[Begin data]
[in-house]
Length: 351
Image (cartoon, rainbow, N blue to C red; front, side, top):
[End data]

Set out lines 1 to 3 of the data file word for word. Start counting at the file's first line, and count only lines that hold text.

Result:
[in-house]
Length: 351
Image (cartoon, rainbow, N blue to C red; front, side, top):